EGU General Assembly 2020
© Author(s) 2020. This work is distributed under
the Creative Commons Attribution 4.0 License.

Overview of the IBER-STILLING project: Assessment and attribution of wind speed and wind gust variability

Cesar Azorin-Molina1,2, Manola Brunet3, Enric Aguilar3, Jose A. Guijarro4, Amir A. Safaei Pirooz5, Richard G.J. Flay5, Lorenzo Minola2, Gangfeng Zhang2,6,7, Joan-Albert Lopez-Bustins8, Tim R. McVicar9,10, and Deliang Chen2
Cesar Azorin-Molina et al.
  • 1Spanish National Research Council (CSIC), Centro de Investigaciones sobre Desertificacion, Moncada (Valencia), Spain (
  • 2Regional Climate Group, Department of Earth Sciences, University of Gothenburg, Gothenburg, Sweden
  • 3University Rovira i Virgili, Tarragona, Spain
  • 4State Meteorological Agency, Balearic Islands Office, Palma de Mallorca, Spain
  • 5Department of Mechanical Engineering, The University of Auckland, Auckland, New Zealand
  • 6State Key Laboratory of Earth Surface Processes and Resource Ecology, Beijing Normal University, Beijing, China
  • 7Academy of Disaster Reduction and Emergency Management, Ministry of Civil Affairs and Ministry of Education, Beijing Normal University, Beijing, China
  • 8Climatology Group, Department of Geography, University of Barcelona, Barcelona, Spain
  • 9CSIRO Land and Water, Canberra, ACT, Australia
  • 10Australian Research Council Centre of Excellence for Climate Extremes, Canberra, ACT, Australia

In a context of global climate change, the scientific community has evidenced a significant decrease in wind speed, a phenomenon known as «stilling». This climate trend has mainly been observed over mid-latitude continental surfaces since the 1980s. On the contrary, other studies have detected an increase in wind speed over ocean surfaces; and there is little conclusive scientific evidence on trends in wind speed across the troposphere. Furthermore, a reversal in global terrestrial stilling has recently been documented in few regional and global studies since the 2010s. The causes associated with the climate variability of wind speed have not yet been resolved and there are many uncertainties behind the «stilling» and «recovery» phenomenon because neither the quantity nor the quality of wind speed observations is adequate. This contribution shows an overview of the IBER-STILLING project (RTI2018-095749-A-I00) funded by the Spanish Ministry of Science, Innovation and Universities.  This project aims to move forward on the assessment of wind speed and wind gusts variability and underlying causes globally, with emphasis on the Spanish territory and surrounding ocean (Atlantic) and sea (Mediterranean) surfaces. The IBER-STILLING project will collect and generate climate information of wind speed from different data sources; climate data will be subject to a comprehensive protocol for quality control and homogenization. The statistical analysis of these climate databases will allow characterizing trends and climatic cycles of wind speed, allowing a pioneering global analysis of wind speed over continental and ocean surfaces, and across the boundary layer and the entire troposphere. The project will also conduct wind-tunnel experiments to quantify biases introduced by anemometers devices.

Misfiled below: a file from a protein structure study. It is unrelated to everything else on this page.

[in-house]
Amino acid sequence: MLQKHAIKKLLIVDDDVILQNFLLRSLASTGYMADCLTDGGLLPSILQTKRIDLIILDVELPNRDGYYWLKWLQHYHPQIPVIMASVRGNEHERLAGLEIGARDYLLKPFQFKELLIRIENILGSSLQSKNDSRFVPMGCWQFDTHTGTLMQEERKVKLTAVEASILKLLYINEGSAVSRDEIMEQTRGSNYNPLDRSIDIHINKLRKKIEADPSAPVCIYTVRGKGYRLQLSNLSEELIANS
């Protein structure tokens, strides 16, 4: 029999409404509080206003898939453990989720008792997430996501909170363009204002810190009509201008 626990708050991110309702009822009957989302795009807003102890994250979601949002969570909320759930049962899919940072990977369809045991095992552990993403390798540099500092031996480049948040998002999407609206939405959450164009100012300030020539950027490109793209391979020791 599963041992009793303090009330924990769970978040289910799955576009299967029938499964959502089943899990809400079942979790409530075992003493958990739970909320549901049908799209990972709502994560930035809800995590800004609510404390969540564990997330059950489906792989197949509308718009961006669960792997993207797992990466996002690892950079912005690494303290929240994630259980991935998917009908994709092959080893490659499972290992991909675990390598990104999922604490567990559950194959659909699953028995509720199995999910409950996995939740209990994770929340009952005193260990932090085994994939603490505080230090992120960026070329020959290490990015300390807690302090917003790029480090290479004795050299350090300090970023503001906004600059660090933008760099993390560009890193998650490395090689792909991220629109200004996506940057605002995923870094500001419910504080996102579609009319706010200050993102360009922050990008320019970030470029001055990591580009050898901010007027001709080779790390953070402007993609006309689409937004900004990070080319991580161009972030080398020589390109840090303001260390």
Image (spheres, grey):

How to cite: Azorin-Molina, C., Brunet, M., Aguilar, E., Guijarro, J. A., Safaei Pirooz, A. A., Flay, R. G. J., Minola, L., Zhang, G., Lopez-Bustins, J.-A., McVicar, T. R., and Chen, D.: Overview of the IBER-STILLING project: Assessment and attribution of wind speed and wind gust variability, EGU General Assembly 2020, Online, 4–8 May 2020, EGU2020-5056,, 2020

Display materials

Display file

Comments on the display material

AC: Author Comment | CC: Community Comment | Report abuse

Display material version 1 – uploaded on 30 Apr 2020, no comments